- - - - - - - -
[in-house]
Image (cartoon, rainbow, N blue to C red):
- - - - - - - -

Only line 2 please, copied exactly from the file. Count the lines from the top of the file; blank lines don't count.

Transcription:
Image (cartoon, rainbow, N blue to C red):